Interview with off-road legend Simon Pavey


Sydney-born Simon Pavey is a bit of an off-road legend. This year saw his ninth time starting the infamous Dakar and there are no signs of the 45-year-old slowing down with trips to Morocco and Australia – just don’t show him any spiders!

You’ve been pretty busy recently. Tell us about Dakar first off. How did you get on? Pretty good. I was happy enough in the end. Like always with that race, I had better days than some, but it all went a little bit too easy in all honesty.

Which was the toughest day for you? One of the toughest days was the one in Fiambala, which it nearly always is now [Dakar] is in South America. I can’t even remember which day that was, but it’s kind of become the notorious area. It was definitely the hardest day, but it was made a little bit easier for us this year because it rained while we were there, so the temperature was cooler than it has been on other years and the surface of the sand was a little bit firmer, which made things a bit easier. It was definitely still the hardest day but it wasn’t anywhere near as difficult as the last two times I’ve been in South America. Everyone had a bit of a let-off in a way.


Any wake-up calls on the ride? I dunno if you saw it on the telly, but there was the front end of the field of bikes and they all got through [Fiambala] fine, then there was this massive flash flood and the last 20 bikes and all the cars couldn’t get through. Half the cars literally got washed away in this flash flood. They were telling us about it in the bivouac and no one knew [what had happened], then I got back [to the UK] and watched it on the telly and thought, ‘My God! That’s pretty scary, glad I wasn’t there,’ but I was! I just didn’t know it. Sometimes you’re in your own little bubble and you don’t really know what’s going on in the warzone around you.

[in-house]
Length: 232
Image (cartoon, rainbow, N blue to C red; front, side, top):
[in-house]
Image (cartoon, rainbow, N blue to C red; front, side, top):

Which leg did you enjoy most? Probably the day that was a marathon stage when we first crossed from Chile into Argentina. That was the most beautiful day. The riding was the most fun, it was the most technical and the special stage was really twisty, just a small track through the mountains with lots of corners and changes in direction. It was all at altitude and it’s the first time we’ve had a stage that’s all over 3,000m.

Did you do an pre-trip preparation for riding at altitude? No, not at all, and that’s another reason why I enjoyed that day, because I think everyone was a bit worried about how they’d get on physically racing at that altitude. Yeah, I was puffing and panting all day, but I felt good and I enjoyed it.